Although based in Balitmore, Deen is involved in the politics of her homeland, her other blog is devoted to the campaign of Sierra Leonean politican Kadi Sesay (who is the mother of CNN International news anchor Isha Sesay). Kadi Sesay is running for the leadership of Sierra Leone’s main opposition party the Sierra Leone People’s Party. Sesay was a professor of English Literature at Sierra Leone’s Fourah Bay College (the oldest university college in West Africa) for twenty years before getting into politics by chairing the National Commission on Democracy and Human Rights, making her the first woman in Sierra Leone’s history to chair a national commission. According to the essay Explaining Women’s Roles in the West African Tragic Triplet: Sierra Leone, Liberia and Cote d’ Ivoire in Comparative Perspective by I. A. Badmuss :
Kadi Sesay used her office as the Chairman for the National Commission for Democracy and Human Rights (NCDHR) to promote civil education, democracy, and human rights. Her democracy programme “contributed to preparing the electorate for nationwide participatory electoral democracy, which bore fruit in the massive turnout for the 1996 democratic elections.” (Mansaray, 2000: 150). Mrs. Sesay tirelessly committed herself to the institution of democracy and encouraged women to join in the political processes of the country.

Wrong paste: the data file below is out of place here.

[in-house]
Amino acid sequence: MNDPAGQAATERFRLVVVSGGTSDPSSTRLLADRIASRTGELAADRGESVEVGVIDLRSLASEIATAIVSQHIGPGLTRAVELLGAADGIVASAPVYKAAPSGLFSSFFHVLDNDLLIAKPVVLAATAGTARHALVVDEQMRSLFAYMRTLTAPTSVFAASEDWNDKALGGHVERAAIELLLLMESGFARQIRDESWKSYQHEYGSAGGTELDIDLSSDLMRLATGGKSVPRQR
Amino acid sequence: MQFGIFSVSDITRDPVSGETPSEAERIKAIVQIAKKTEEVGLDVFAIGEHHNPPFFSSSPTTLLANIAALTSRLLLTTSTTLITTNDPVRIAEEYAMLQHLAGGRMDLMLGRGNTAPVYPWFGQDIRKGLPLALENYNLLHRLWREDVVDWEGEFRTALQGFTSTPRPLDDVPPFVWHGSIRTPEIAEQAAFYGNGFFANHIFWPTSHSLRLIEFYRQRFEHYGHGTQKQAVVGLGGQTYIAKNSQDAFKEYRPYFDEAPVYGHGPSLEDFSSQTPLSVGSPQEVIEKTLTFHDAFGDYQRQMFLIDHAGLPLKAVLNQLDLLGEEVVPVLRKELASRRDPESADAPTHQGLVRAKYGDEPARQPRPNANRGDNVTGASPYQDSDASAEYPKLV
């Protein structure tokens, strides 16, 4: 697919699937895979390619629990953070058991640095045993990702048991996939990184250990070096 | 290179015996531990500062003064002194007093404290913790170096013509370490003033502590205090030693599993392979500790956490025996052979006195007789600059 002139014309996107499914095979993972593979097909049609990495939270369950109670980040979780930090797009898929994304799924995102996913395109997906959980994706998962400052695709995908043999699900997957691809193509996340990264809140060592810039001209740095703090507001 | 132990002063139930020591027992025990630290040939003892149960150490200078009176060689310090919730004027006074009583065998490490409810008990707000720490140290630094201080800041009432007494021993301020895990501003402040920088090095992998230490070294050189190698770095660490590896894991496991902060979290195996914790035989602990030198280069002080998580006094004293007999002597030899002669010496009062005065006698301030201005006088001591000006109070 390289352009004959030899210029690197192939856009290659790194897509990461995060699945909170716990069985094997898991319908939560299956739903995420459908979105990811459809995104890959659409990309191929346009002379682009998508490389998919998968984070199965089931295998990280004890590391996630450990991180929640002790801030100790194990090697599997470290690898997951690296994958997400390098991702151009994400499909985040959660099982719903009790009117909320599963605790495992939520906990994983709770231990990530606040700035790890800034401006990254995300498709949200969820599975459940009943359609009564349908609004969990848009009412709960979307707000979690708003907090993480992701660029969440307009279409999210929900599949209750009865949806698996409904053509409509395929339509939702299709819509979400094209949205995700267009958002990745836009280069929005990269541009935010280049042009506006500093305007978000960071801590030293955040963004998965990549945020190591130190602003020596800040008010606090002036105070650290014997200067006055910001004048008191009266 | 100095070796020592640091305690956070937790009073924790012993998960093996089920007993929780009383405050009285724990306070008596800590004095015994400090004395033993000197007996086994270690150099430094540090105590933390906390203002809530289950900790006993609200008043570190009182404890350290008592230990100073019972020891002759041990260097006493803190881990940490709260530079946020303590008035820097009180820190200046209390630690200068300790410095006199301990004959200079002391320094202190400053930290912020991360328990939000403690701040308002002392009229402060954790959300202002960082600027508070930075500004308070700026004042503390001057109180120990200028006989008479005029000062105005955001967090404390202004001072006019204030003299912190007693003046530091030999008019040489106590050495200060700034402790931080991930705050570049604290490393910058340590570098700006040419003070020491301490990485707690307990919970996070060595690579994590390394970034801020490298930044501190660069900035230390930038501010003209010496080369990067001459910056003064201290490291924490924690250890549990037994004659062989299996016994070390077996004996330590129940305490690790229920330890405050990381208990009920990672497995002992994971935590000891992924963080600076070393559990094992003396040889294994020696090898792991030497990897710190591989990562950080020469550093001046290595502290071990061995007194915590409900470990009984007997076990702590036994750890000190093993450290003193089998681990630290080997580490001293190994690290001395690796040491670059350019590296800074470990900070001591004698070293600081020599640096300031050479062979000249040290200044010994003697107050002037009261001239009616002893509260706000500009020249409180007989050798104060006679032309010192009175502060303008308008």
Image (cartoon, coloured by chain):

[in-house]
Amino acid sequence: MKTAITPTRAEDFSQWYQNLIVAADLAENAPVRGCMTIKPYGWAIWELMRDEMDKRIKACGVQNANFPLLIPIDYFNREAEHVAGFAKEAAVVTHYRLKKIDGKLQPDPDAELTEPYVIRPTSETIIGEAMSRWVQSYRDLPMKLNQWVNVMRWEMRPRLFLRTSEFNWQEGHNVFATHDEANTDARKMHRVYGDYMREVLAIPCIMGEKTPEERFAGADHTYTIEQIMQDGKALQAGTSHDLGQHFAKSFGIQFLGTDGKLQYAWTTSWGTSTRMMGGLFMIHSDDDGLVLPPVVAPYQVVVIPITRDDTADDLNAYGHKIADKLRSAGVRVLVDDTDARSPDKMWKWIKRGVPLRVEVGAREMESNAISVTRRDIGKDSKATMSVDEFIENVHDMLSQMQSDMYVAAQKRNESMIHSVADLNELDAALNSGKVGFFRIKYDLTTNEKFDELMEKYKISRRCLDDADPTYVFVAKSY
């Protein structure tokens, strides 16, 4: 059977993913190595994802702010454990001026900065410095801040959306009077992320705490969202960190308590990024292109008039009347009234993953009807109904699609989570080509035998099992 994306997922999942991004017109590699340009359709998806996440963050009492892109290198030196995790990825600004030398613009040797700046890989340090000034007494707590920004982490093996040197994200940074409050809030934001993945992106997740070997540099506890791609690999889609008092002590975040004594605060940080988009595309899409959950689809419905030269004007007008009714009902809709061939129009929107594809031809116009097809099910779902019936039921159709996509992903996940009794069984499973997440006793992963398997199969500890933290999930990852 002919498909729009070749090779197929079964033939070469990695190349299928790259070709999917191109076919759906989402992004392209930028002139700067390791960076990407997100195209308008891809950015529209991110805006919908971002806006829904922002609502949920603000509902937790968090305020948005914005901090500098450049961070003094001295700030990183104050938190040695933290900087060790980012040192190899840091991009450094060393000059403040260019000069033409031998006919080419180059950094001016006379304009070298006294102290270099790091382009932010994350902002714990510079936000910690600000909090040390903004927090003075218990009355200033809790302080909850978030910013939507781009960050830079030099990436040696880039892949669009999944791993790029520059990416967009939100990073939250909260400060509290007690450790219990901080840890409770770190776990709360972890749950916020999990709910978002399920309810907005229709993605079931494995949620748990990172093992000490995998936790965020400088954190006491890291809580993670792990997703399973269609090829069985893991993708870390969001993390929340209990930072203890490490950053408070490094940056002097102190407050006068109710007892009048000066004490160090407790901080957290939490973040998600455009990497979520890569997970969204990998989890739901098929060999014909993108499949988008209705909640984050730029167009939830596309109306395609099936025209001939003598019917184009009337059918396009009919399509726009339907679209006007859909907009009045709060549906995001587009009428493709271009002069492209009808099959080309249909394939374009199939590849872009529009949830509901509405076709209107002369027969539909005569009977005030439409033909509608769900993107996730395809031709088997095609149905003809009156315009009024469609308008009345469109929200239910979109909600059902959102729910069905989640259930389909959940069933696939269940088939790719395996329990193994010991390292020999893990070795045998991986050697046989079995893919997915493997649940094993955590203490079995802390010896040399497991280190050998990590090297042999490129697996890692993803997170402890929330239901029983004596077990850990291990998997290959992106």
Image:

I also searched for some of Lango Deen’s other writings online and found this great article about African American mathematician Etta Zuber Falconer, who was a Math and Science Professor at Spelman College, the historically Black Women’s College. Falconer was one of the first 20 Black women to get a PhD in Mathematics in the US. Falconer stated in 1995: “My entire career has been devoted to increasing the number of African American women in mathematics and mathematics-related careers.” Considering that Math is not a field that is seen to include either women or Black people, the fact that Falconer pursued this field to the level of Phd and then used her knowledge to educate other Black women to take on careers in this field is truly inspiring. I really appreciate that Deen wrote this profile of Etta Zuber Falconer.